Amazon will be entering a new market as it’s set to launch its own line of Alexa-enabled earbuds as soon as the second half of 2019, according to Bloomberg.
Users will be able to summon the voice assistant by speaking “Alexa” followed by a number of commands, such as placing an online order or music request.
It’s important to note that the earbuds will need to be tethered to a smartphone to give users access to Alexa via an installed app. Amazon is reportedly focusing on audio quality as a way to differentiate itself from competitors.
Here’s what it means: Amazon sees the rapidly growing hearables market as a significant opportunity to expand Alexa’s presence and knows it needs to shift its strategy to capitalize. In fact, Bloomberg reports that the product is “one of the most important projects at Amazon’s Lab126 hardware division,” according to people familiar with the product.
- Ear-worn wearables are a fast-growing market. Shipments of ear-worn wearables grew 61% year-over-year (YoY) and accounted for 21% of the total wearables market, which shipped a record-high 59 million units in Q4 2018, according to IDC.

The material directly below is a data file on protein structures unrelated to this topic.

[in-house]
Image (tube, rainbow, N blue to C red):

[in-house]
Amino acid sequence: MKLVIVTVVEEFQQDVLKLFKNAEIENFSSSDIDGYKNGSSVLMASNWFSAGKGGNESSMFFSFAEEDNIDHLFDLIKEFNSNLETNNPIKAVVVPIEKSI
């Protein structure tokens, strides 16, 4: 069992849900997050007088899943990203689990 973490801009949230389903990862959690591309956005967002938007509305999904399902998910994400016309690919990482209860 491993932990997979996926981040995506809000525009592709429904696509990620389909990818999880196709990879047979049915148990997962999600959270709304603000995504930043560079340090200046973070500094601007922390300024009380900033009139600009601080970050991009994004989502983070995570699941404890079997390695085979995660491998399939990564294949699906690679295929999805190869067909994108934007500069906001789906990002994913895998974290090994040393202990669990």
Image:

- Capturing a piece of the hearables space enables Amazon to expand its voice assistant’s presence outside the home. Amazon already has a strong lineup of Alexa-enabled smart speakers and in-home smart products. However, the company has made it part of its strategy to build a stronger presence outside the home: Amazon launched its Alexa smartphone app for Android in January 2018, and began expandingthe voice assistant’s utility in cars in March 2019.
- Amazon isn’t new to the hearables space, but it needs to launch its own product to take advantage of the growing market. Up until now, Amazon relied on third-party manufacturers to build devices to host Alexa; for example, Bose and Jabra both have headphones that can support the voice assistant. However, that strategy leaves pricing, quality, and marketing in the hands of the device manufacturers. Developing its own product enables Amazon to build and sell a device that is geared to its specific customer base, improving the chances of success.
The bigger picture: Despite the excitement around the Alexa earbuds, the product faces major hurdles that will depress adoption.
As a result of Amazon not having its own smartphone, the success of its device will likely depend on how rivals Apple and Google react. For example, Apple may require a phone to be unlocked in order to access Alexa on the earbuds via the Alexa app. This would add a layer of friction that users of Apple’s newest AirPods won’t have to contend with.
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